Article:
A California federal court recently attempted to clarify the interrelationship between extrinsic evidence, potential for liability and the duty to defend under California law. Storek v. Fidelity & Guar. Ins. Underwriters, Inc., No. C-06-06810-CRB, 2007 WL 2403363 (N.D. Cal. Aug. 20, 2007).

In the case, the insurer issued a duty to defend policy that covered claims for, among other things, personal injury from slander and wrongful eviction. The insureds later submitted a claim concerning a lawsuit in which a relative had asserted cross-claims for economic losses pertaining to alleged financial mismanagement. The insurer denied coverage.

The insureds then brought suit in federal court, arguing that the insurer had a duty to defend. The insureds based their argument on the theory that the cross-claims, when considered in light of extrinsic evidence, raised the potential for liability for covered claims. In support of this theory, the insureds presented emails from the cross-claimant accusing the insureds of being untruthful in their allegations, as well as evidence of a prior incident in which the cross-claimant claimed to be improperly excluded from a building.

The court first concluded that, on its face, the cross-claim contained no specific allegations suggesting even the potential for liability in connection with a covered claim. Then, despite California law permitting extrinsic facts to establish a duty to defend, the court rejected the insureds’ attempts to present such evidence

Plaintiffs take these two distinct principles of law and combine them. Their argument proceeds as follows. First, an insurer must consider extrinsic evidence, and second, an insurer has a duty to defend when there is merely a potential for liability. Thus, Plaintiffs argue, insurers have an obligation to provide a defense whenever extrinsic evidence raises the potential for liability.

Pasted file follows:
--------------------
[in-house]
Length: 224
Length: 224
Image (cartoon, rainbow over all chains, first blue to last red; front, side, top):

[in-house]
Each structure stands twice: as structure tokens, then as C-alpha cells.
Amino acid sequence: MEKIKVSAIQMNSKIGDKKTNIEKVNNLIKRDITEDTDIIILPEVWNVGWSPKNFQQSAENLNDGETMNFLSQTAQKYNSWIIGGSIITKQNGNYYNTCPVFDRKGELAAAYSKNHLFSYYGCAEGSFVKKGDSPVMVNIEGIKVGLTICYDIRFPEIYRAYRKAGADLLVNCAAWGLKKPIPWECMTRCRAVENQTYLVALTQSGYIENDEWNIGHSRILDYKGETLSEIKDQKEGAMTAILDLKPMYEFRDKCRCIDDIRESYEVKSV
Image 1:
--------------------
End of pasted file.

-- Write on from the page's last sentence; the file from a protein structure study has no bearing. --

This syllogism is perhaps supported by the dicta of numerous California cases, but only when the courts’ statements are viewed out of context. Placed in its proper context, Plaintiffs’ argument is simply contrary to the law. As to the first line of decisions, the cases make it clear that extrinsic evidence is sufficient to compel an insurer to defend only when the evidence pertains to claims actually asserted by the third party.

As to the second line of cases regarding the insurer’s duty to defend whenever there is the “possibility” or “potential” for coverage, the decisions make clear that this concept, too, is restricted to the nature of the lawsuit actually asserted by the third party. Contrary to Plaintiffs’ assertion, an insurer owes no duty to defend based upon mere “speculation” as to claims that a third party might have brought. “An insured may not trigger the duty to defend by speculating about extraneous ‘facts’ regarding potential liability or ways in which the third party claimant might amend its complaint at some future date. This approach misconstrues the principle of ‘potential liability’ under an insurance policy.” Thus, “the insured may not speculate about unpled third party claims to manufacture coverage.”

(All citations omitted). (Emphasis in original). The court then concluded that, although “[t]he duty to defend is broad, [it is] not so expansive that it requires an insurer to undertake a defense as to claims that are both factually and legally untethered from the third party’s complaint . . . Simply put, there is no evidence to impose a duty to defend when the underlying lawsuit sets forth neither the facts nor the legal claims necessary to bring the lawsuit within the terms of the policy.”

The full text of the Storek opinion can be found here.